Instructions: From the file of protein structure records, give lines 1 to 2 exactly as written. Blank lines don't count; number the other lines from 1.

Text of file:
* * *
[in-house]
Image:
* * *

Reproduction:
[in-house]
Image: